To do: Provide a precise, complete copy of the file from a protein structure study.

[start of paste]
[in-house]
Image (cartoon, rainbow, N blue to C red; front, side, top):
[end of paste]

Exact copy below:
[in-house]
Image (cartoon, rainbow, N blue to C red; front, side, top):